Anju Modi talks about what it takes to survive the quicksands of the design world without compromising on traditional crafts
“People ask me why I don’t holiday in London,” Anju Modi says with a genial smile. “My holidays are usually in the villages of India where I get to learn a dozen things. I also like to relax in my apartment in Goa after crazy show schedules to clean the slate and start afresh,” she adds, pointing to her forehead.
Coming from someone caught in the razzle-dazzle of the New Delhi style circuit, this isn’t surprising. For over two decades Modi has followed her heart and given a new spin to traditional textiles and crafts without compromising on the style quotient. Whether it is about tweaking the texture of Khadi or trying out new-age patterns on bandini, she likes to be where the action is — the villages. “It’s a win-win situation. Craftsmen are happy that their work is appreciated and I’m satisfied with the whole exercise of travelling extra miles and interacting with people engaged in keeping traditions alive.”
Despite frequent Wassup prompts on her Blackberry and label loyalists insisting on waving hello, Modi remains focussed during an interaction at Evoluzione where she unveiled her new collection. “Unlike in the past, today, designers learn a lot from the clients. Discerning clients are not swayed by fads. They know what’s trendy and what’s timeless. In fact, they help us evolve as creative people.”
Colours of summer
That Modi’s repertoire is connected to her roots shows in her use of cut, colour and craft. Floor-length anarkalis with gentle kadi prints on cotton fabrics that skim the body, elegant tunics that don’t scream colour or go overboard with prints and pattern, and bling-free saris that suit understated sensibilities are some of the highlights. “My cuts are usually clean. The palette ranges from happy Holi hues to classic ivory with a dash of maroon or black. Though there’s a sprinkling of resort wear, the collection is cohesive and works as one cheerful summer story.”
One of the founding members of the Fashion Design Council of India, Modi is clear about incorporating age-old traditions into her work. It’s not just a pastiche of the past. Hers is a serious involvement with the inner rhythms of tradition. From 1990 when she launched her eponymous label, she has experimented with a range of crafts and textiles (think neutral tones on bandini, reversible jackets with specially developed kota, newness to bagru prints, Lurex woven in silk chanderi and ‘boiled’ wool angarkhas).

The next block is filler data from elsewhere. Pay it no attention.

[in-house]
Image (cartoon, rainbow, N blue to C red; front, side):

“People think there are no takers for tradition. All it takes is time, imagination and the desire to push boundaries. When I developed a silky khadi and launched a whole collection at a fashion pageant, the humble fabric got all the attention it deserved. I teamed khadi with a modern fabric and created ensembles. The result was fabulous. It was a simple idea of blending two fabrics with contrasting characters — one sturdy and the other supple and flowing. Fashion folks loved it.”
No constellation of factory-sourced crystals for Modi. She’d rather let the lyricism of self-developed fabrics and rigorously crafted clothes do the talking. “To survive in these times, you have to be relentlessly creative. After every collection or show, I think of the farming metaphor. The way a farmer cleans his fields, ploughs and sows seeds after every harvest is a huge inspiration. It’s time to start afresh! Now, isn’t Fall/Winter round the corner?”